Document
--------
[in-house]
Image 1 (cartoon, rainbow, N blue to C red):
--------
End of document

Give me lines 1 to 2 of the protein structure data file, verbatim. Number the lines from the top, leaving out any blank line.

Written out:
[in-house]
Image 1 (cartoon, rainbow, N blue to C red):